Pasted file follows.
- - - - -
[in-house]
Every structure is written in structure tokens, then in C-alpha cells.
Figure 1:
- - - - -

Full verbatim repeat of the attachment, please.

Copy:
[in-house]
Every structure is written in structure tokens, then in C-alpha cells.
Figure 1: